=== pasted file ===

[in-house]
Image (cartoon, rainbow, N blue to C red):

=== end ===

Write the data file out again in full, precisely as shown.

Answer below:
[in-house]
Image (cartoon, rainbow, N blue to C red):